Daddy Talk: Same Old Valentines
Since Valentine’s Day is on the horizon, I thought I’d take a little time to illustrate for you my profound romantic creativity. Early in mine and Ashley’s relationship, I will admit, it was very difficult for me to come up with meaningful courting activities. Most of my date ideas came from old episodes of Happy Days—“Would you care to join me for a soda pop?” or “How about a picture-show this weekend?” And that was about the extent of my ideas.
After some time, it became sort of an awkward joke between us that I simply was not very good at pitching activities for us to have fun doing together. And I certainly never hit on an idea that one might call “romantic,” unless it was simply going to a fancy restaurant rather than grabbing a Coke at a diner. (Some of you think I’m exaggerating, but ask Ashley. Our very first date was a trip to Sonic. The minister who performed our wedding even ribbed me about that one during the ceremony.)
For some reason, Ashley chose to marry me despite my dull dating rituals. But when the first Valentine’s Day of our marriage came around, I had the wherewithal to know that the stakes may be a bit higher, so I did something way out of my comfort zone to really woo her: I asked HER what we should do for Valentine’s Day. Since she’s always been a straight shooter, she came up with a pretty direct, yet attainable goal. She told me that she wanted flowers, wanted to go to a nice restaurant, and wanted to see a chick flick. And one other thing: she wanted me to write her a nice letter. “What?!” I said. “That’s it?!” I wanted to know if this was a trick because it sounded so…typical. Maybe except for the letter part, it is typical.
The letter, though, turned out to be a bit of a trick in itself. Though I enjoy writing and generally consider myself capable with words, I had never practiced writing any sort of love letter, and it was a rather awkward process for me. However, maybe this was the kind of practice I needed to do something more…creative? Romantic? You see? It was a bit of a trick on her part.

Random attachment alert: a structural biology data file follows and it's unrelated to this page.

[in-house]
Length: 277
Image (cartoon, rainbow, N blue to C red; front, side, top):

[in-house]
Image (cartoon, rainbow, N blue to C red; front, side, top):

But the date went so well that guess what we did the next Valentine’s Day. The same thing. I got her flowers, we went to dinner, and we saw a chick flick. And I wrote another awkward letter. And the next year? The same thing. So if you wonder what I’ll be doing this Valentine’s Day, I’ll give you one guess.
This tradition is amusing to me because it somehow contradicts the popular ideas about romance—that romance involves a mystical knowledge of the other person. Under those premises, if I really knew and loved Ashley, she would not have to tell me what she wanted because I would just know. I’ll bet some married couples operate this way from the start. But I’ll bet that most don’t. A lot of husbands likely could benefit from having their wives’ expectations stated directly. And I’d also wager that in the end, the important thing about romance is being able to follow through on your spouse’s wants and needs, regardless of how you discovered what they were.
I assume that Ashley does something special with the Valentine’s Day letters that I’ve written her. I never see them after I deliver them. But if she was looking for words of affirmation back on that first Valentine’s Day—the kind of words that are especially difficult for me to craft, for whatever reason—come this year, she’ll have about ten pages of those words.